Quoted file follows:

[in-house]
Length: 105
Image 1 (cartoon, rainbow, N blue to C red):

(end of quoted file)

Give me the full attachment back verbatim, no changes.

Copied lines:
[in-house]
Length: 105
Image 1 (cartoon, rainbow, N blue to C red):